Neurobiologist Alejandro Sanchez Alvarado, who studies the molecular basis of regeneration at the University of Utah School of Medicine in Salt Lake City, says losing the wild axolotls would be a tragedy. “Wild-type populations provide us with a window, a record of how biological traits evolve genetically,” he says. “Who is to say that unlocking the evolutionary mystery shrouding regenerative capacities in vertebrates will not come from studying wild axolotl gene pools?”

This entry was posted in Axolotl. Bookmark the permalink.

10 Responses to The Axolotl: Critical for Research, but Endangered

  1. James F says:

    From MAD magazine #43, 1958:
    I Wandered Lonely as a Clod
    I wandered lonely as a clod,
    Just picking up old rags and bottles,
    When onward on my way I plod,
    I saw a host of axolotls;
    Beside the lake, beneath the trees,
    A sight to make a man’s blood freeze.
    Some had handles, some were plain;
    They came in blue, red pink, and green.
    A few were orange in the main;
    The damndest sight I’ve ever seen.
    The females gave a sprightly glance;
    The male ones all wore knee-length pants.
    Now oft, when on the couch I lie,
    The doctor asks me what I see.
    They flash upon my inward eye
    And make me laugh in fiendish glee.
    I find my solace then in bottles,
    And I forget them axolotls.

  2. genghisprawn says:

    “I used to love axolotl tamales.” — Roberto Altamira, 32.
    Don’t forget the neoteny and forced metamorphosis through iodine injection!

  3. Coturnix says:

    The Axolotl and the Ammocoete
    by Walter Garstang
    from “Larval Forms, and other Zoological verses”, 1966
    Ambystoma’s a giant newt who rears in swampy waters,
    as other newts are wont to do, a lot of fishy daughters:
    These Axolotls, having gills, pursue a life aquatic,
    But, when they should transform to newts, are naughty and erratic.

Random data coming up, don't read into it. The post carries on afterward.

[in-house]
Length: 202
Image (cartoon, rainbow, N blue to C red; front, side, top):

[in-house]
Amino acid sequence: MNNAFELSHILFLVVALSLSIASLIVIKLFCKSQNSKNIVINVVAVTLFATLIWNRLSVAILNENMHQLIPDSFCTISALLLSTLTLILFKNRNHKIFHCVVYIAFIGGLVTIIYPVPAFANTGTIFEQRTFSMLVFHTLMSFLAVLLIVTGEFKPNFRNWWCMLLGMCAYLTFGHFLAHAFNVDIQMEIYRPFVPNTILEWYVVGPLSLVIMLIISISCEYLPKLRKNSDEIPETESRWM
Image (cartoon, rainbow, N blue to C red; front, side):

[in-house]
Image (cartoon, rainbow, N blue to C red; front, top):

They change upon compulsion, if the water grows too foul,
    for then they have to use their lungs, and go ashore to prowl:
    but when a lake’s attractive, nicely aired, and full of food,
    they cling to youth perpetual, and rear a tadpole brood.
    And newts Perrenibranchiate have gone from bad to worse:
    They think aquatic life is bliss, terrestrial a curse.
    They do not even contemplate a change to suit the weather,
    But live as tadpoles, breed as tadpoles, tadpoles all together!
    Now look at Ammocoetes there, reclining in the mud,
    Preparing thyroid-extract to secure his tiny food:
    If just a touch of sunshine more should make his gonads grow,
    The lancelet’s claims to ancestry would get a nasty blow!

  4. becca says:

    Such a cute little amphibian!
    Way better than xenopus

  5. Coturnix says:

    The Axolotl
    McCord, David (1897-)
    The axolotl
    Looks a littl
    Like the ozelotl,
    “Drink a greatl
    More than whatl
    Fill the fatl
    Whiskey bottl.
    “The food it eatsl
    Be no morsl:
    Only meatsl
    Drive its dorsl.
    “Such an awfl
    Fish to kettl!”
    “You said a mawfl

  6. oyun says:

    Thanks you really perfect one writing.I m always follow you.

  7. Chad says:

    I worked with a lot of axolotls as an undergrad and must say that they somehow got a bum rap simply for looking goofy. I’m glad I don’t work with them anymore simply because working with aquatic animals is a pain in the ass, but it was good while it lasted.
    Little known fact: axolotls are fucking vicious. It was not uncommon for me to find axolotls with between one and four limbs bitten off by tankmates.

  8. Kristin says:

    Am I the only one whose first thought on seeing the word “axolotls” was of Dune?

  9. estetik says:

    he damndest sight I’ve ever seen.
    The females gave a sprightly glance;
    The male ones all wore knee-length pants.

  10. “The food it eatsl
    Be no morsl:
    Only meatsl
    Drive its dorsl.

Comments are closed.